Sunday, June 28, 2015 - A group of passengers and those adversely affected by the fatal Philadelphia Amtrak train derailment in May have announced that they will be pursing a motion to certify their lawsuits against the train company into multidistrict litigation. The plaintiffs are requesting that the cases be centralized before U.S. District Judge Lagrome Davis, who is already presiding over 13 federal complaints related to the crash. Federal Amtrak lawsuits have already been filed in Pennsylvania, New York and New Jersey.
Lawyers for the plaintiffs have named the Eastern District Court of Pennsylvania as the preferred location for the claims to be centralized. They claim that the actions filed thus far all have common questions of fact, and that the transfer of all the lawsuits to a single court will assist in the efficiently and effectiveness of the litigation surrounding the derailment. The motion to transfer was filed on June 22 before the Judicial Panel on Multidistrict Litigation. There were 19 pending lawsuits against Amtrak at the time of the filing which came from 42 plaintiffs, and the number os cases filed against Amtrak is expected to grow in the coming months.
The train derailment took place on May 12, when a Amtrak train in Philadelphia rounded a curve too quickly and crashed. The train, which was en route from Washington, D.C. To New York City, was going at more than twice the posted speed limit at the time of the crash. It went off the rails at more than 100 MPH, killing eight passengers and causing more than 200 others to be treated for injuries resulting from the crash. The speed limit in the area where the train derailed was only 50 MPH, and the blame has been spread between the train‘s engineer and Amtrak‘s company policies.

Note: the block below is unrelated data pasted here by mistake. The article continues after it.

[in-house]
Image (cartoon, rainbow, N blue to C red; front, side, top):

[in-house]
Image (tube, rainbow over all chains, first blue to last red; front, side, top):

Plaintiffs are claiming that the crash was preventable s there were a number of measures not taken by Amtrak that contributed to the train‘s derailment. One of the steps listed that plaintiffs claim could have been taken was the use of a positive control system, which is used to slow down trains traveling too fast. The section of track over which the derailment took place did not have a positive control system, which was recently mandated by congress to be installed on all railroads by the end of the year. The plaintiffs have also pointed out that only one engineer was present on the train at the time of the crash, and that a second engineer may have made a difference in slowing down the train before it‘s derailment. The engineer who was operating the train at the time reportedly suffered a concussion from the crash and has no memory of the derailment.
There may be issues ahead for plaintiffs however, as pursuant to the federal Amtrak Reform and Accountability Act, the maximum amount Amtrak can pay out for a single train accident is set at $200 million. The plaintiffs hope to bring all the lawsuits before a single judge in light of this fact to help coordinate the funds evenly and effectively if the final award ruled upon happens to exceed the $200 million cap.